Dave Darrin's Second Year at Annapolis eBook

H. Irving Hancock
This eBook from the Gutenberg Project consists of approximately 108 pages of information about Dave Darrin's Second Year at Annapolis.

“Mr. Darrin, you are merely seeking to divert my mind from what I have said.”

“What did you say—­particularly?”

“That you would have to fight me.”

“I have already signified my entire willingness, Mr. Pennington.  To that I really can add nothing.”

Fourth classmen are always addressed as “mister,” and they must use the same “handle to the name” when addressing upper classmen.  But members of the three upper classes resort to the use of “mister,” in addressing classmates, only when they wish to be offensive or nearly so.

“I will send a friend to meet you,” Pennington continued.

“Why, I thought,” bantered Darrin ironically, “that you were going to fight me yourself.”

“So I am—­be sure of it.  I will amend my statement by saying that I will send a second to see you.”

“Save time by sending him to Dalzell.”

“Very good, Mr. Darrin.”

“Is that all you wished to say to me?”

“Yes.”

“Very good, Mr. Pennington.”

With two very stiff nods the midshipmen parted.

Pennington hastened at once in search of Hallam.

“Will you serve me, old man?” queried Pennington.

“Sorry, but——­”

“Well, you see, Pen, not knowing all the facts of the case, I must admit that all my sympathies are with Darrin.”

“All your sympathies?” echoed Pen, frowning.

“Well, nearly all, anyway.  You see, I’ve known and observed Darrin for a full year now, and I don’t believe patient old Darry is the one to start any trouble.”

“He called me a liar,” protested Pennington.

“Did he?” gasped Hallam.

“Well, he qualified the statement, but his way of saying it was as offensive as the direct lie could have been.”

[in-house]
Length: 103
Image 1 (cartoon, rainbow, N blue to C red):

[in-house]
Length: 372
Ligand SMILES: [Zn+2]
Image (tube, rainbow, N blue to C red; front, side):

“So you’re bent on fighting Darry?”

“I am.”

“Too bad!” muttered Hallam, shaking his head.

“Are you anxious for your idol?” asked Pen in a disagreeable tone.

“No, Penny; it’s you that I’m concerned about in my own mind.  You’re going next to a very hard proposition.  Darry is patient—­almost as patient as the proverbial camel—­but when he fights he fights!  You’ll be hammered to a pulp, Pen.”

“Pooh!”

“No one has yet beaten Darrin at a fist fight.”

“There always has to be a first time, you know.”

“And you think you’re It?”

“As far as Darrin is concerned—­yes.”

“Too bad—­too bad!” sighed Hallam.  “I’m afraid, Penny, that the heat in the furnace room was too much for you this morning.”

“Then you won’t serve as one of my seconds?”

“The honor is most regretfully declined,” replied Hallam in a tone of mock sadness.

“You want to see Darrin win?”

“If there has to be a fight, I do,” replied Midshipman Hallam.

“Don’t bet your money on him, anyway.”

“I’m not a gambler, Penny, and I don’t bet,” replied Hallam, with a dignity that, somehow, ended the conversation.

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Dave Darrin's Second Year at Annapolis from Project Gutenberg. Public domain.
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